Nisha Agrawal, Zafar Ahmed, Michael Mered, and Roger Nord
INTERNATIONAL MONETARY FUND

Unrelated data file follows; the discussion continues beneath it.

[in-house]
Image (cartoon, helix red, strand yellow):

Tanzania’s adjustment program, which began in the mid-1980s, was accompanied by a sharp increase in the levels of foreign assistance. Previous studies, using published data, have not reflected much improvement in economic performance during the reform period. This paper attempts to shed new light on the relationship between adjustment and aid dependency in Tanzania, by adjusting the macroeconomic database to correct for data deficiencies in several important respects. A subsequent comparison with other sub-Saharan African countries shows that, contrary to traditional interpretation, Tanzania’s increased dependence on foreign assistance did not lead to a deterioration in domestic savings performance. Efficiency of investment, however, has been substantially lower in Tanzania.